(The Hill) — Georgia Secretary of State Brad Raffensperger (R) will testify before the House committee investigating the Jan. 6, 2021 riots on Tuesday afternoon in what could be another revelatory hearing on the events leading up to the attack on the U.S. Capitol.

Raffensperger, 67, will likely offer insights into how he defied former President Donald Trump’s efforts to pressure him into overturning the 2020 election results in his state.

Fulton County in Georgia convened a special grand jury to investigate the pressure campaign, which centers on a January 2021 phone call in which Trump asked Raffensperger to “find” enough votes to reverse President Biden’s victory in the key swing state.

For resisting Trump, Raffensperger was scorned by Trump allies and seemingly faced an uphill climb in his re-election campaign.

Last month, however, he beat out a Trump-endorsed opponent in the GOP primary for Georgia secretary of state. Raffensberger and Gov. Brian Kemp, another Republican target of Trump’s, both won relatively easily. Raffensberger won 52% of the vote compared to 33% for Trump’s favored pick, Jody Hice.

Raffensperger was a civil engineer and owner of a design consulting firm called Trillium Structures and a restoration company called Tendon Systems before he ran for public office at the age of 56.

The small business owner threw his hat in the ring for a Johns Creek city council seat in Fulton County in 2011. In an interview with a local The Patch outlet ahead of election day, he expressed his desire for “resolute leadership combined with an optimistic, persevering spirit.”

After serving on the council from 2012 to 2014, Raffensperger won a seat at the Georgia House of Representatives in 2015 to represent Johns Creek with a pro-business stance.

Raffensperger ran for the secretary of state position in 2018. He told The Tifton Gazette he would push to ensure only Americans can vote in elections, bolster election security and get younger people involved in elections.

The 2020 general election went smoothly in Georgia compared to the tricky primaries in June, which were disrupted by the coronavirus pandemic. President Joe Biden became the first Democrat to win the state since 1992.

The election was officially certified in early December with Biden winning by 12,670 votes.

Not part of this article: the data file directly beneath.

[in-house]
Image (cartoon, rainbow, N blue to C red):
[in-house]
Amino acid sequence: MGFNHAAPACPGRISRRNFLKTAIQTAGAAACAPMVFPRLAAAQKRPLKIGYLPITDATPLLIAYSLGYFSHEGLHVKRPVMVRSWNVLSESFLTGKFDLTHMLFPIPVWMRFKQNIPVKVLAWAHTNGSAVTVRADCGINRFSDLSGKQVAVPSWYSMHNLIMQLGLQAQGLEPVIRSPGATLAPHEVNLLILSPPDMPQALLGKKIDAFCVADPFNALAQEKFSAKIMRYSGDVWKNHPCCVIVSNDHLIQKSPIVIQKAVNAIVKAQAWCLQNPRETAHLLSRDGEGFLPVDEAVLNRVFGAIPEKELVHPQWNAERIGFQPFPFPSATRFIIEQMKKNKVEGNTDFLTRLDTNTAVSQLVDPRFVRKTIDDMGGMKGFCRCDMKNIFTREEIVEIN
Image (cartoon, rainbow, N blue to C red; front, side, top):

As Trump cried foul and repeated his claims of voter fraud, Georgia audited the election results in December in Cobb County, a key county in the election. The state did a statewide hand and machine recount.

In a press release announcing the audit results, Raffensperger said he was “always focused on calling balls and strikes in elections” but “in this case, three strikes against the voter fraud claims and they’re out.”

“This audit disproves the only credible allegations the Trump campaign had against the strength of Georgia’s signature match processes,” the secretary of state said at the time.

In early January, Trump called Raffensperger to pressure him to overturn the results. According to a transcript of the call, Trump told the state officials “I think it’s pretty clear that we won,” and said there were multiple concerns with mystery ballots and dead people voting.

Trump also disagreed with the Cobb County audit, arguing he really wanted an audit of Fulton County. After Raffensperger told him they audited the results in Cobb County because it was the only place they saw potential evidence of fraud, the president pressed him to “find” votes.

“So look. All I want to do is this. I just want to find 11,780 votes, which is one more than we have because we won the state,” Trump said.

Raffensperger took a defiant posture in the phone call, telling the president “we don’t agree that you won.”

“We believe that we do have an accurate election,” he said.

Outlets leaked an audio tape of the roughly hour-long phone call, drawing a storm of controversy for Trump, who was wildly seen as pressuring a state election official in an illegal bid to overturn certified results.

The secretary of state did not back down from his belief the election was secure, despite drawing incendiary backlash from Trump’s loyalists. But he did work with Kemp to bolster election security laws in Georgia.

In the past year, Georgia passed two controversial election laws empowering an election police force and creating stricter voter ID requirements, among other changes.

Instead of addressing the 2020 election, Raffensperger neatly courted Republican voters by talking up election security and challenging Democrat’s position on election laws.

In an interview with Fox News in January, he talked about “secure elections” in Georgia because of the new laws and suggested Congress pass a constitutional amendment that ensures only Americans can vote.

“They go down this rabbit trail that just their far left-wing base believes in any of this stuff. Same-day registration. And they want to do away with photo I.D. You’ll have non-citizens voting the next day,” he said.

In addition to testifying in front of the House panel, Raffensperger also testified in front of the special grand jury in Fulton County.

After his primary victory, Raffensperger mentioned that almost every political pundit had called his chance of winning re-election “hopeless.”

“In my heart of hearts, I don’t think the experts were looking at this the right way,” he said in a May 25 interview. “The vast majority of Georgians are looking for honest people for elected office, someone who will do their job, follow the law and look out for them regardless of the personal cost.”